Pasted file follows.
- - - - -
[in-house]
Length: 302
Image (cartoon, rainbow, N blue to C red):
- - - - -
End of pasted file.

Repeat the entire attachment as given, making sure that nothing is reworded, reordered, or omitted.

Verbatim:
[in-house]
Length: 302
Image (cartoon, rainbow, N blue to C red):